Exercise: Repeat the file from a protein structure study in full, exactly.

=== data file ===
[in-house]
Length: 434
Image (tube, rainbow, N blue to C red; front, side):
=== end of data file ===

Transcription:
[in-house]
Length: 434
Image (tube, rainbow, N blue to C red; front, side):